More sad passings to report from the world of entertainment:
Richard "Dick" Sutcliffe (died May 11): The name might not ring a bell with you; however, Sutcliffe gave the world a piece of popular culture. He was the co-creator of the popular religious children's show Davy and Goliath, the Sunday morning saga of a boy (Davy) and his dog (Goliath) that always featured a Biblical message or faith-based lesson. Sutcliffe was 90 and died from complications resulting from a stroke.
Lloyd Moore (died May 22): A man recognized as the oldest living NASCAR driver passed away at the age of 95. According to the NASCAR obituary, Moore finished tied for 15th with Junior Johnson for most top 5 finishes (13) in the first six years of professional stock car racing.
Dick Martin (died May 24): Laugh-In always finished with Dan Rowan saying, "Say goodnight, Dick," to which Dick Martin replied, "Goodnight, Dick." (This is parodied at the conclusion of the Eagles' song "On the Border" from the album of the same name in 1974.) Martin graduated from comedian in front of the camera to director, putting his skills to work on The Bob Newhart Show, Brothers, Mama's Family, and the cult classic Sledge Hammer! Martin was 82 and died from respiratory failure.
Thelma Keane (died May 23): The name isn't familiar, but her character has delighted comic strip readers for generations. She was the inspiration for the wife in her husband Bil Keane's long-running strip The Family Circus. Thelma Keane was 82 and had Alzheimer's disease.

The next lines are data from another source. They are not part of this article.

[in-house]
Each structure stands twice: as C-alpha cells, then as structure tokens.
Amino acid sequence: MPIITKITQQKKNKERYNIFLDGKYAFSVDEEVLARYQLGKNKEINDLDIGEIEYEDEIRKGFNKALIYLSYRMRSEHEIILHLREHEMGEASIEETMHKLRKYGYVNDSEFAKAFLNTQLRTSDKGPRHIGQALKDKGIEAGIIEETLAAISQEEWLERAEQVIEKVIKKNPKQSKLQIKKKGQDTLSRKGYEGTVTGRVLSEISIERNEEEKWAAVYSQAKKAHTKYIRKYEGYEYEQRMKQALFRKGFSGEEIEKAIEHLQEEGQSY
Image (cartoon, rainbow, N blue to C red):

Geremi (Jeremi) Gonzalez (died May 25): A former major league pitcher who pitched for the Chicago Cubs, Tampa Bay Rays, Boston Red Sox, Milwaukee Brewers, and New York Mets. Gonzalez was 33 and was killed by a lightning strike in his native Venezuela.
Sydney Pollack (died May 26): A man of multiple talents who could direct a great comedy like Tootsie (in which he also appeared as Dustin Hoffman's frustrated agent) or a majestic drama such as his Oscar-winning Out of Africa. Pollack died of cancer at age 73.
Earle Hagen (died May 26): Don't know the name? Betcha five bucks you know his song. Imagine a black-and-white image on a TV with a sheriff and his young son, fishing poles over their shoulders, walking down a dirt road. You're whistling, aren't you? That's Earle Hagen's signature song, which Andy Griffith actually released with lyrics under its title, "The Fishin' Hole." Other TV theme songs Hagen wrote include I Spy, The Dick Van Dyke Show, The Mod Squad, and That Girl. Hagen was 88 and had been in ill health for several months.
A heartfelt farewell.